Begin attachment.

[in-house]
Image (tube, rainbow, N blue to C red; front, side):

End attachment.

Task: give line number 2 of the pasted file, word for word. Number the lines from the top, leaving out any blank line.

Image (tube, rainbow, N blue to C red; front, side):